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July 2006

Poem by Donald Hall

Listen to 'Letter with no address' mp3 speaker (requires audio plugin)

Donald Hall, the U.S. Poet Laureate, is the author of 16 books of poetry, as well as fiction, essays, and children’s books. He attended Harvard and Stanford, and in 1957, he joined the University of Michigan faculty and remained at U-M until 1975. He ranked among the most respected and loved poets of his generation when, in 1994, his wife, poet Jane Kenyon, was diagnosed with leukemia. She died a year later, and his poems about her illness and death—collected in The Painted Bed and Without—are widely recognized as some of his most powerful work. The poems deal eloquently and honestly with the shatterings of grief, and the arduous task of living on. Their beauty and simplicity brought Hall’s work to the attention even of people who don’t normally read poetry.

He was named Poet Laureate, a one-year position of the Library of Congress, in May, 2006. Also this year, he released a book of selected poems, White Apples and the Taste of Stone, from which this recording is taken.



Your daffodils rose up
and collapsed in their yellow
bodies on the hillside
garden above the bricks
you laid out in sand, squatting
with pants pegged and face
masked like a beekeeper’s
against the black flies.
Buttercups circle the planks
of the old wellhead
this May while your silken
gardener’s body withers or moulds
in the Proctor graveyard.
I drive and talk to you crying
and come back to this house
to talk to your photographs.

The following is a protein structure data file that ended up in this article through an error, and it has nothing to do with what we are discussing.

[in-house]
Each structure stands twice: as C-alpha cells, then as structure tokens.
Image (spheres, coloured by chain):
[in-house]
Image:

There’s news to tell you:
Maggie Fisher’s pregnant.
I carried myself like an egg
at Abigail’s birthday party
a week after you died,
as three-year-olds bounced
uproarious on a mattress.
Joyce and I met for lunch
at the mall and strolled weepily
through Sears and B. Dalton.

Today it’s four weeks
since you lay on our painted bed
and I closed your eyes.
Yesterday I cut irises to set
in a pitcher on your grave:
today I brought a carafe
to fill it with fresh water.
I remember bone pain,
vomiting, delirium. I remember
pond afternoons.
                             My routine
is established: coffee;
the Globe; breakfast;
writing you this letter
at my desk. When I go to bed
to sleep after baseball,
Gus follows me into the bedroom
as he used to follow us.
Most of the time he flops
down in the parlor
with his head on his paws.

Once a week I drive to Tilton
to see Dick and Nan.
Nan doesn’t understand much
but she knows you’re dead;
I feel her fretting. The tune of Dick and me talking
seems to console her.
                                   You know now
whether the soul survives death.
Or you don't. When you were dying
you said you didn’t fear
punishment. We never dared
to speak of Paradise.

At five A.M., when I walk outside,
mist lies thick on hayfields.
By eight the air is clear,
cool, sunny with the pale yellow
light of mid-May. Kearsarge
rises huge and distinct,
each birch and balsam visible.
To the west the waters
of Eagle Pond waver
and flash through popples just
leafing out.
                     Always the weather,
writing its book of the world,
returns you to me.
Ordinary days were best,
when we worked over poems
in our separate rooms.
I remember watching you gaze
out the January window
into the garden of snow
and ice, your face rapt
as you imagined burgundy lilies.

Your presence in this house
is almost as enormous
and painful as your absence.
Driving home from Tilton,
I remember how you cherished
that vista with its center
the red door of a farmhouse
against green fields.

Are you past pity?
If you have consciousness now,
If something I can call
"you" has something
like "consciousness," I doubt
you remember the last days.
I play them over and over:
I lift your wasted body
onto the commode, your arms
looped around my neck, aiming
your bony bottom so that
it will not bruise on a rail.
faintly you repeat,
"Momma, Momma."

                                   Three times
today I drove to your grave.
Sometimes, coming back home
to our circular driveway.
I imagine you’ve returned
before me, bags of groceries upright
in the back of the Saab,
its trunk lid delicately raised
as if proposing an encounter,
dog-fashion, with the Honda.


Michigan Today Poetry Archive >

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